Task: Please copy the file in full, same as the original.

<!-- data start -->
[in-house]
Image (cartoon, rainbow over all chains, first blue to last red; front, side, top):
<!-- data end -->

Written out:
[in-house]
Image (cartoon, rainbow over all chains, first blue to last red; front, side, top):